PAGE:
Thursday, June 17, 2010

10 Steps to a Perfect Day in Big Sur

On purpose, I didn't title this blog post "10 Steps to the Perfect Day in Big Sur." I'm suspicious of travel writers (or Yelp! reviewers, for that matter) who claim to know what the best of anything is, whether it's fish tacos or Asian art museums. So consider this just one idea among many of how to spend a soul-nourishing summer's day in Big Sur, that remote chunk of California coast that lies south of Monterey and north of well, my house.
  • Start off with a big ol' breakfast at First Awakenings, a little cafe with a big outdoor patio and a fire pit. It's around the corner from the Monterey Bay Aquarium, but tucked away from the dazed crowds wandering Cannery Row, wondering what John Steinbeck ever saw in the place.
  • Roll down to Carmel-by-the-Sea and stop into Bruno's Market. Head directly to the deli at the back and order a tri-tip sandwich and picnic salads to go. Why? You'll thank me later. Big Sur has notoriously overpriced, often underwhelming food. Besides, eating at the beach is more fun.
  • Swing by Point Lobos State Reserve (admission $10; open from 8 a.m. until 30 minutes after sunset daily). Stretch your legs on the coastal trails, or at least say hello to the barking sea lions (they're the ones with ears) and spotted harbor seals (no ears).
  • Where everyone else stops to take a photo of Big Sur's iconic Bixby Bridge, you can head inland to explore the original coast highway, now called the Old Coast Road, 11 ocean-view miles of satisfying 4WD and mountain-biking terrain.
  • Or just keep driving south with everyone else, past Point Sur's historic lighthouse (guided tours occasionally available), down to Andrew Molera State Park (near where the Old Coast Road also dumps you back out onto Hwy 1). Give $10 to California State Parks (they need the money!) and park in the lot, near gentle trails that lead to a windy, rocky beach and a grassy campground.
  • Save your parking receipt, because it'll also get you in free to Big Sur's other state parks on the same day. Drive south to Pfeiffer-Big Sur State Park (open 30 minutes before sunrise to 30 minutes after sunset daily). Hop out of the car and hug some redwood trees, then reward yourself with some ice cream from the store at the rustic Big Sur Lodge.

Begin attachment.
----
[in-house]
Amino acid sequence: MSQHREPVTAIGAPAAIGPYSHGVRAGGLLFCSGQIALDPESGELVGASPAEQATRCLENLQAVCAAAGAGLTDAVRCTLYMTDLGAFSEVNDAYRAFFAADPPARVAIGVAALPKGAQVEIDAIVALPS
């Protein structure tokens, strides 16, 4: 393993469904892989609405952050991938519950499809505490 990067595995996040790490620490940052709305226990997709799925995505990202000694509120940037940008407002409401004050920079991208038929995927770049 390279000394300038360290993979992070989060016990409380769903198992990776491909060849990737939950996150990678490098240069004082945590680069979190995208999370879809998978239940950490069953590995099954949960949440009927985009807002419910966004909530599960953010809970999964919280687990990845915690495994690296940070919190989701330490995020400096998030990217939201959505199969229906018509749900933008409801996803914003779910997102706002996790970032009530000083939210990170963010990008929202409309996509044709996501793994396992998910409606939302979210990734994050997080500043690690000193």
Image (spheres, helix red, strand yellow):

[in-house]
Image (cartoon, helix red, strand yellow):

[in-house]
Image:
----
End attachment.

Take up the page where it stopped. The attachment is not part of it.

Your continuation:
• About a half-mile south of the Big Sur ranger station, look for a small turn-off on your right, labeled as 'Narrow Road.' And that's an understatement: be prepared to wind downhill for over 2 twisting miles to reach Pfeiffer Beach (admission $5; open 9 a.m. to 8 p.m. daily). It's famous for two things: a cinematic sea arch battered by pounding surf; and sand that's tinged with purple by manganese garnet that washes down from the hillsides.
  • If you didn't bring along a picnic lunch, then your next pit stop is Nepenthe, a restaurant hanging in the treetops by the sea. Otherwise, you can double back here later to sip wine and nibble appys as you huddle around the outdoor terrace fire pit and watch the sun get swallowed up by the sea.
  • Wondering where Big Sur's beatnik spirit has gone? Reconnect with it in the real bohemian grove (of redwoods, that is) at the Henry Miller Memorial Library. I never know what to expect when dropping by: outdoor movies, a musician's jam, or once, an impromptu wedding! Even when nothing special is happening, you can just chill, browse the books and have a cup o' community joe.
  • Still got your state parks entry receipt? Good, because you'll need it once more for Julia Pfeiffer Burns State Park (open 30 minutes before sunrise to 30 minutes after sunset daily). Get out of the car and walk through the tunnel underneath the highway, then hang a right. Keep looking off toward the ocean. You may literally gasp when you glimpse McWay Falls, coastal California's only waterfall that drops into the ocean (well, either that or onto the beach, depending on the tide).
There's a lot more I could tell you about Big Sur, from moonlight hot-springs soaks and beachcombing for jade to visiting the California condor bird-banding lab, but I'll have to save that for another day (and another blog post).

What are your fave spots in Big Sur? Tell us by leaving a comment below.

Photo: McWay Falls (Michael Connolly, Jr.)


  1. A perfect day, indeed. Love this post. :-)

  2. Thanks for your tips! Without your advice, I doubt I would have found Pfeiffer Beach! Check out my post about my adventure in Big Sur here: